The average American family uses more than 300 gallons of water daily. Unfortunately, water use takes its toll on the environment, because it needs to be cleaned, delivered, and then treated, using energy and resources every step of the way. Water conservation helps protect natural ecosystems and aquifers, saving both energy and money.

Follow these tips to reduce water use in your home.

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The average U.S. household wastes about 10,000 gallons of water every year because of leaks. Play detective and look for leaks (which can also cause mold issues in your home). If possible, use your water meter to determine if you have a leak by following these tips. Toilets are a common culprit, so listen for it filling between use and follow these instructions for identifying toilet leaks.

Reduce Water Use at Home With These 4 Simple Steps

When you shower, look to see if water is dripping where the shower arm connects to the shower head. This can usually be fixed by ensuring a tight connection. Outdoor spigots and faucets are other common culprits. When leaks arise, fix them immediately instead of letting them linger; even slow leaks add up over time.

Opportunities abound to reduce water use in the kitchen. Instead of washing a drinking water glass after each use, reuse it throughout the day. If steaming veggies, save this vitamin-rich water for soups. You can also use that water — as well as water from cooking pasta, eggs, and potatoes — to feed your house plants.

When rinsing dishes or veggies, use a pot or basin to reuse water. If possible, scrape food from dishes and don’t rinse them before loading the dishwasher. If necessary, rinse in cold water instead of warm or hot water to save energy and run the dishwasher only when it is full.

Roughly 24% of home water use is consumed by flushing the toilet. Although it is a wonderful invention, toilets consume a lot of water over time. Some older toilets use up to 7 gallons per flush! Replace older toilets with a WaterSense-labeled model — check our efficient toilet buyer’s guide for recommendations. If you’re not ready for a new toilet, consider installing a conversion kit to convert standard toilets into a dual flush toilet, using less for liquid waste.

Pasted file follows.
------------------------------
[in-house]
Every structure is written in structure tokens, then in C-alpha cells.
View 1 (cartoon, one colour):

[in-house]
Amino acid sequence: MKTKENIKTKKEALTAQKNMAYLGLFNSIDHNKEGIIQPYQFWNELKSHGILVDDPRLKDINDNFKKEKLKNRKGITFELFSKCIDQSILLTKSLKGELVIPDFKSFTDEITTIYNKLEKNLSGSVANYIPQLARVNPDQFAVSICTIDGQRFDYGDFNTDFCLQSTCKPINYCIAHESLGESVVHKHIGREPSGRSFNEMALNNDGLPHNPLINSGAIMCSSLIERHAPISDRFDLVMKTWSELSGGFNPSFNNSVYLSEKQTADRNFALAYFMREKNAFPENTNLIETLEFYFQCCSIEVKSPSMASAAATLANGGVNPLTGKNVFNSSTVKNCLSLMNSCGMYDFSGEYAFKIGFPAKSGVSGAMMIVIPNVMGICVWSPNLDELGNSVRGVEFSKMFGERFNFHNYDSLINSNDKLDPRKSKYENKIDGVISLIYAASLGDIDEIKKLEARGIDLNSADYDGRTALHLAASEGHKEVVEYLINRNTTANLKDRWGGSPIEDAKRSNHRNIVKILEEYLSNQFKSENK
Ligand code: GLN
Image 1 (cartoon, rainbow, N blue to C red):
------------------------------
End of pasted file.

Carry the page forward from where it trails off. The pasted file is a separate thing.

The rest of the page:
Water-efficient shower heads save both energy and water. Most shower heads state the flow rate on them in gallons per minute (GPM). If you want to find out how much your current shower head uses, take a 1-gallon bucket and place it under the shower head and time how long it takes to fill up. If it is full in 20 seconds, the flow rate is 3 GPM.When replacing, choose a model that uses 2.5 GPM or less. Some models also have a convenient pause feature, helpful in quickly turning on and off the water if you jump out of the shower to get something or to turn the water down while lathering up or shaving. Also, ensure your faucets have aerators, which can save a gallon of water per minute by using air to maintain water pressure.

Older washing machines can use more than 40 gallons of water per load. Since the average household does 300 loads per year, this number really adds up. Next time you replace your washer, choose an Energy Star washer, as Energy Star models use 35% less water and 20% less energy than comparable models (check out our clothes washers buyer’s guide). A full-size Energy Star washer still uses 15 gallons of water for a load of laundry, so try to run only full loads and use cold water to save energy.

Feature image courtesy of Peter Dutton. Originally published on July 27, 2015, this article was updated in August 2021.